Basic Plumbing System | Drainage System | Supply and Drainage Subsystems
Basic Plumbing System
Plumbing follows the basic laws of nature – gravity-pressure, water seeking its own level.
Knowing this, you can understand its “mysteries” and make dozens of corrections to your home’s plumbing system. You can save time, trouble and money!
Your home’s plumbing system consists of two separate subsystems. One subsystem brings freshwater and the other removes wastewater.
The water entering your home is under pressure. It enters your home under enough pressure to allow it to go up the stairs, in the corners or wherever it is needed.
As water enters your home, it passes through a meter that records the amount you use. The main water for or for the valve is usually located near the meter.
In a plumbing emergency, it is vital that you quickly close the main shut-off valve. Otherwise, when a pipe explodes, it can flood your home in no time.
If the emergency is confined to a sink, bathtub, or toilet, however, you may not want to turn off the entire water supply. Therefore, most equipment must have an individual stop valve.
Color Code for PVC Pipe Line
The mains water is immediately ready for your cold water needs. The supply of hot water, however, requires another step.
A tube carries water from the cold water system to your water heater. From the heater, a hot water line carries the heated water to all devices, sockets, and devices requiring hot water.
A thermostat on the heater maintains the selected temperature, turning the heating elements of the device on and off as needed.
The normal temperature setting for a domestic water heater is between 140 degrees F and 160 degrees F, but 120 degrees F is generally adequate and is also more economical.
Some automatic dishwashers need higher temperature water, although many of them have a water heater that increases the temperature by another 20 degrees F.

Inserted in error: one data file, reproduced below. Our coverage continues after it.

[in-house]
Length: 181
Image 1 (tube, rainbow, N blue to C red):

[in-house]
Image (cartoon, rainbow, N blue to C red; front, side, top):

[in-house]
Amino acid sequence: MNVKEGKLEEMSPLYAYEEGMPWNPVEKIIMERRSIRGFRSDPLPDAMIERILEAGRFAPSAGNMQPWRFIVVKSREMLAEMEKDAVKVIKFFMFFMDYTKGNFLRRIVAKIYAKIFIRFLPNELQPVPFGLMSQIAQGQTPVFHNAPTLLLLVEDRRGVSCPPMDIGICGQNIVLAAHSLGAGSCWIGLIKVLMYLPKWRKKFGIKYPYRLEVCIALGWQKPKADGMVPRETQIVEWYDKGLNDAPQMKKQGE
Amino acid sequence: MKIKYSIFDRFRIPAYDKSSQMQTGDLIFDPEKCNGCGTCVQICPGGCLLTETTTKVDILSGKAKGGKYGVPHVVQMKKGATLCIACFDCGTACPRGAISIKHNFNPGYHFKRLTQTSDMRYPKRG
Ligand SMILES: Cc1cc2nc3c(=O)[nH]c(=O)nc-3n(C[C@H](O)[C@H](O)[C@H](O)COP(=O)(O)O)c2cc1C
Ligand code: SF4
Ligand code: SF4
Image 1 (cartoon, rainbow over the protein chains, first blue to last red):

Also, read: WPC Board | Features of WPC Board | Disadvantages of the WPC board | Usw of WPC
Whether your home is on a sewer or septic system, the systems in your home are essentially the same.
Drainage systems do not depend on pressure, like supply systems. Instead, the garbage leaves your home because of the drain pipes, which are all tilted or tilted downwards.
Gravity collects garbage. The sewer line continues this downward flow to a sewage treatment plant or septic tank.
Although the system looks simple, there is much more, including vents, traps, and cleanings. The openings that come out of the roof of your house allow air to enter the sewer pipes.
If there was no air supply through the ventilation openings, the wastewater would not flow properly and the water in the traps would have to be diverted.
Also, read: Brick Masonry | Types of Bricks | Types of Brick Masonry Work
Supply and Drainage Subsystems
The supply and drainage subsystems are two separate operations, with no overlap between them. There are bridges between the two, however, and it is the bridges that make the plumbing system worthwhile.
In plumbing jargon, any bridge between supply and drainage systems is an accessory.
Supply and Drainage Subsystems
Bathrooms, sinks, and bathtubs are accessories. In addition, an external tap is an accessory and a washing machine.
All devices that extract freshwater and discharge wastewater are accessories and all are designed to keep supply and drainage systems strictly segregated.
Some devices have individual supply shut-off valves, so you don’t have to close the main shut-off to repair them.
It is a good idea to ensure that everyone in the family knows the location of the main shut-off valve in your home and also how to use it. You can mark the main shut-off valve so that anyone can easily find it.